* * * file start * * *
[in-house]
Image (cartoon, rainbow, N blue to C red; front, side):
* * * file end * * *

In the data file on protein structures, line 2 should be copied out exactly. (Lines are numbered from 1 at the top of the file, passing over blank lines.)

Image (cartoon, rainbow, N blue to C red; front, side):